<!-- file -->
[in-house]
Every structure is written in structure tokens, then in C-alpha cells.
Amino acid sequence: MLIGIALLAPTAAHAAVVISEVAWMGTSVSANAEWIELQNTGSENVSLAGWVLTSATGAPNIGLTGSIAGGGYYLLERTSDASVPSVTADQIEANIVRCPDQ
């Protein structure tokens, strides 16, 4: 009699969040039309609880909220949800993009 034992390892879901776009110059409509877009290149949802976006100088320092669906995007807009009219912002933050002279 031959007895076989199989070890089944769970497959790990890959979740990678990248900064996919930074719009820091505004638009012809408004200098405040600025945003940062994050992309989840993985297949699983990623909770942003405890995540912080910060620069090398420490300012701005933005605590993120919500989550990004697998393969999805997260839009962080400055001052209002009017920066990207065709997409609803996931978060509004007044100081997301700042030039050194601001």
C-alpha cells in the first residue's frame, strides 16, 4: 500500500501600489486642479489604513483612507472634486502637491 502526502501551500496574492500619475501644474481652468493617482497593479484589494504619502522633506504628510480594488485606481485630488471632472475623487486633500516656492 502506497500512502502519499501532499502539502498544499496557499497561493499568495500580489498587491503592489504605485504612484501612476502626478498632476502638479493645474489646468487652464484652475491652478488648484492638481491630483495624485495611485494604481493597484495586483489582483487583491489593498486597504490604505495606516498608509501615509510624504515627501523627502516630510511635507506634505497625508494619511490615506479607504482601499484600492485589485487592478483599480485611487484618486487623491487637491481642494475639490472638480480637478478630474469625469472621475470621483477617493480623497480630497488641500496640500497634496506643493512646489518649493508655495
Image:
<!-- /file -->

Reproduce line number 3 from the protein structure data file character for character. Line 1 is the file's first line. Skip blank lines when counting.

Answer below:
Amino acid sequence: MLIGIALLAPTAAHAAVVISEVAWMGTSVSANAEWIELQNTGSENVSLAGWVLTSATGAPNIGLTGSIAGGGYYLLERTSDASVPSVTADQIEANIVRCPDQ